In celebration of the 50th anniversary of the university’s founding, FIU Magazine takes a journey back in time. Sharing images provided by Special Collections & University Archives, each one paired with a more recent photo, we show how campus and students have changed. Throughout FIU’s evolution, however, one thing is clear: We are all Panthers united in a common bond across history and connected to a place that continues to mean so much to so many.
FIU’s groundbreaking ceremony on January 25, 1971, brought out scores of dignitaries from across the state – and one very special guest: then-Secretary General of the United Nations U Thant. The iconic air-traffic control tower, a vestige of MMC’s former life as an airport, can be seen in both photos. Today the historic structure serves as FIU’s Office of Military and Veteran Affairs.
The Torch of Knowledge, Service and Understanding was first lighted on FIU’s opening day, September 14, 1972. The fixture underwent a decorative upgrade at some point—note the faux flames in the contemporary photo—and is still lighted on special occasions. The symbol in 2002 inspired the naming of the Alumni Association’s Torch Awards, the annual ceremony in which outstanding graduates are lauded for their accomplishments.
The Department of Theatre’s 2013 revival of Glengarry Glen Ross reunited the original cast of its 2002 production. Written by David Mamet, the play is about four real estate agents who engage in unethical and, at times, illegal acts to sell undesirable real estate. Pictured, from left, are alumni Ivan Lopez, Joe Llorens, Ricky Waugh and Daniel Gutierrez.
On August 24, 1992, Hurricane Andrew devastated South Florida. Just days from the scheduled opening of the fall term, FIU postponed the start of classes by two weeks as its employees pulled together to help colleagues left homeless by the storm and to reach out to others in the community. (The GC ballrooms became a makeshift warehouse and sorting center for relief supplies.) Workers also logged long hours to bring FIU back into working order, mainly at the Southwest Miami-Dade campus, where damage exceeded $6 million (the equivalent of nearly $10 million in today’s terms).
In an undated photo, students gather outside the Owa Ehan building at MMC to enjoy the grassy space surrounding a small manmade lake (not shown) that still exists today. In support of hungry students, a permanent food truck—Miro’s kosher barbecue—now stands sentinel on the southwest corner of Owa Ehan (and abutting the Green Library), making it easy to feast outdoors.
The once-beloved Rathskeller—the word means beer hall in German—arrived on the scene in 1974 (when University House, now known as GC, opened) and welcomed students at a time when the legal drinking age was just 18. Years later, the bar’s name informally morphed into “Gracie’s Grill” for the kindly Gracie DiStefano, who had run a nearby hamburger stand and was known to never turn away any student for lack of funds. The name became official in 1991, when the drinking establishment moved from another location within the student union into the space that is today occupied by Chilis. The latter took over in 2009.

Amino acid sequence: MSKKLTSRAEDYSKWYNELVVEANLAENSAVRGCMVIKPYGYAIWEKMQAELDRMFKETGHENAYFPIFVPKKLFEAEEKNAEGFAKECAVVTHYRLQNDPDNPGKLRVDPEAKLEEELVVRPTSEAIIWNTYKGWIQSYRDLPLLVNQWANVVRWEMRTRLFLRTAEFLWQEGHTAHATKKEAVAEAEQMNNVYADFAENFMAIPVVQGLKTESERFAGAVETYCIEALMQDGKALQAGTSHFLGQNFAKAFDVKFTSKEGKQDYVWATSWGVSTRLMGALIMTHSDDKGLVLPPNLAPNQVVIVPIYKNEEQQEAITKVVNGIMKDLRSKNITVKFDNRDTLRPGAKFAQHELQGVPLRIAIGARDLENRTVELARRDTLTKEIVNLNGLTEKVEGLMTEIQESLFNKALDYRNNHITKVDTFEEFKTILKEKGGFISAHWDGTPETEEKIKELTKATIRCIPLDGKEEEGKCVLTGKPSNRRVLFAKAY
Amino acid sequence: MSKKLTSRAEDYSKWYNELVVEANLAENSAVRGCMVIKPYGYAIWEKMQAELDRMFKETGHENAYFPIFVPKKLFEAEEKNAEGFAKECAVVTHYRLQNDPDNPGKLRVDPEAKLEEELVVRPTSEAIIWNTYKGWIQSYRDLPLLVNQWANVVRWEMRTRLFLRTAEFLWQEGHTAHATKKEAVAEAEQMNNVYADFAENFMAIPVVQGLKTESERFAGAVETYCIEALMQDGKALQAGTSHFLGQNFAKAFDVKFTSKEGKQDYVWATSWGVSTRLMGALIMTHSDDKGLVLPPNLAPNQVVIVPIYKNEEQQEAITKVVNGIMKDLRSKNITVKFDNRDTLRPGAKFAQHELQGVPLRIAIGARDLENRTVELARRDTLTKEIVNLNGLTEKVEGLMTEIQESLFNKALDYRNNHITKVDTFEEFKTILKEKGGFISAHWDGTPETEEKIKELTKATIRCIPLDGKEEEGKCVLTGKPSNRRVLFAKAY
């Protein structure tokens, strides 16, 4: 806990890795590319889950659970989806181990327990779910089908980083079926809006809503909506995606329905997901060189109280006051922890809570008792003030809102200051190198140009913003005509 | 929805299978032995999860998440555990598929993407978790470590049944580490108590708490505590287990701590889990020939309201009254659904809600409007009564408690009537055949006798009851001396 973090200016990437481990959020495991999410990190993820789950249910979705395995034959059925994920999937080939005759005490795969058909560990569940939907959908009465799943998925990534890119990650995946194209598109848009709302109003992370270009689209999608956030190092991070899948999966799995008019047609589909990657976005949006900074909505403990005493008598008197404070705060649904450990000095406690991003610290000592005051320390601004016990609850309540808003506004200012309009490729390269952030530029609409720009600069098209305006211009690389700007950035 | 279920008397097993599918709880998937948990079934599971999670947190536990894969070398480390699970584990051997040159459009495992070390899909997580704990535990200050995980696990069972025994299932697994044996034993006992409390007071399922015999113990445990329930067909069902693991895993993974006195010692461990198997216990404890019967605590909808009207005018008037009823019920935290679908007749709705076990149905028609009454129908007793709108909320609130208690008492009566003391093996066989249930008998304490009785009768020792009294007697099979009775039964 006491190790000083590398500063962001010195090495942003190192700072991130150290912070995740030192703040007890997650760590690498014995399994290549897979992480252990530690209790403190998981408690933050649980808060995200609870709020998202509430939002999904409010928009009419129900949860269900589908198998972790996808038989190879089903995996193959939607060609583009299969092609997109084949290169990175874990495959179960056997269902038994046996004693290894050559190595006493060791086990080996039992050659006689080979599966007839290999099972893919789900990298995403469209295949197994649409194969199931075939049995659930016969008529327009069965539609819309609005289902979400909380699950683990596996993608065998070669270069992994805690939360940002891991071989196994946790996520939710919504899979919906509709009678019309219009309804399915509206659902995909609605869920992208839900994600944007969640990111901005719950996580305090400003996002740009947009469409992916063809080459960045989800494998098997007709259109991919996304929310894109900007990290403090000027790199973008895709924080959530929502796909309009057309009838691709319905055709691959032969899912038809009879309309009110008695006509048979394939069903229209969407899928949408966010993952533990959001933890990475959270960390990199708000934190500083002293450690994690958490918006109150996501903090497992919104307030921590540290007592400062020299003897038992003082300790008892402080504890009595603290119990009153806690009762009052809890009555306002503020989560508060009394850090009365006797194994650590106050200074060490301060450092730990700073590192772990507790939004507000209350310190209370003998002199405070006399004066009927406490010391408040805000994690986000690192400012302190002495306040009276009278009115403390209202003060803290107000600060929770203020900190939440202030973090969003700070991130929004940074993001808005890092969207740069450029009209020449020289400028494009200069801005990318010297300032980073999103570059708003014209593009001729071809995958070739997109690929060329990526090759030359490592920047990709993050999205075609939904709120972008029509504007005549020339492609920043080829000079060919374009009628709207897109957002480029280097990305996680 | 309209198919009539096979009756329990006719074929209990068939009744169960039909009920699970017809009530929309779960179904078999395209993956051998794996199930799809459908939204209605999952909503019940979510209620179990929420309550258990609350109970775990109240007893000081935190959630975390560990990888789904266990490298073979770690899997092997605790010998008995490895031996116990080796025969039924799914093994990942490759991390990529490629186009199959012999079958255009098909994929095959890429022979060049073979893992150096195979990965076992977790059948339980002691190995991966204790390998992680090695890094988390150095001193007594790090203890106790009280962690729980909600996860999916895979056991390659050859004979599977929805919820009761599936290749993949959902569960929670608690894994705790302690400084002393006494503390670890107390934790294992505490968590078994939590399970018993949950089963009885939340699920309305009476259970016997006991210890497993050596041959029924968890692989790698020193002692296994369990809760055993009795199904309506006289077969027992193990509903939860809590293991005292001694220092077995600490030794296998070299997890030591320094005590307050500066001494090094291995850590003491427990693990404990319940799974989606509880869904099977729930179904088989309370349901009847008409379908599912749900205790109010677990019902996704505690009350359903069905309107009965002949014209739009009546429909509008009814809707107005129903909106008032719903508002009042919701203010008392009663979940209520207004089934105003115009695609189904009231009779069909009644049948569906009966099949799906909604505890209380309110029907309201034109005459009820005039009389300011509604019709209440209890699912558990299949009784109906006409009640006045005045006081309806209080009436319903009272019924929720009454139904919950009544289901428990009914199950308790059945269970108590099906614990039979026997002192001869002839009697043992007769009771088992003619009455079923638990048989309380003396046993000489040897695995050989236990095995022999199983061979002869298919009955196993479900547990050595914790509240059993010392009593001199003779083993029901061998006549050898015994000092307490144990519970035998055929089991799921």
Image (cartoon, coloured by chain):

This view from the northeast shows an early MMC with only PC fully completed and DM still in progress. Today the campus boasts more than 60 buildings, among them five new academic health-science centers, five residence halls, a sports arena, a performing arts center and a glorious art museum. Meanwhile, as FIU has grown to two campuses, an Engineering Center and several satellite locations in support of more than 50,000 students, Miami-Dade County has more than doubled in population—to 2,662,874 residents in 2014—since the university opened in 1972.
Bathed in natural light and flanked by palms, the stairway in Academic One at the Biscayne Bay Campus in the 1970s bridged the tropical landscape and indoor classroom space. Today sporting a renovation that put a roof overhead, the common area gives off a completely different feel even as it performs the same function.
The champagne flowed—helped by FIU’s second president, Gregory Wolfe, far left—at the 1979 dedication of Academic One at BBC. The classroom building today has its twin in the adjoining Academic Two, distinguished for housing the School of Journalism and Mass Communication and the Lillian Lodge Kopenhaver Center for the Advancement of Women in Communication.
“Suntan Jams” from 1976 to 1979 brought together crowds as big as 15,000 for concerts at BBC, including one by Ritchie Havens, pictured above, who was an opening performer at the famed Woodstock Festival. The lush beauty of the campus today serves as an oasis amidst the hustle and bustle of urban life.
Another shot of BBC’s gorgeous setting on the bay, which in the 1970s served as backdrop for the SunTan Jams concerts enjoyed by students and the local community.
The building that today houses FIU’s renowned Chaplin School of Hospitality & Tourism Management at BBC was originally envisioned as the private Inter-American Trade and Cultural Center. When construction stopped due to lack of funds, President Charles E. Perry successfully lobbied the Florida Legislature to purchase it for FIU. Completed in 1976, the edifice and its grounds were added to the land already allocated for FIU’s second campus, then called Bay Vista, which opened in 1977.